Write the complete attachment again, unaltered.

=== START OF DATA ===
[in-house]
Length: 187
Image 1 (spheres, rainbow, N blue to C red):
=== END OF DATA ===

[in-house]
Length: 187
Image 1 (spheres, rainbow, N blue to C red):